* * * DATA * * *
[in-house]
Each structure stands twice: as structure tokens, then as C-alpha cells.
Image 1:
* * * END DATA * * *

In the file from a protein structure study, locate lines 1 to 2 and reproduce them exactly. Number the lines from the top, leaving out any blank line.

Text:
[in-house]
Each structure stands twice: as structure tokens, then as C-alpha cells.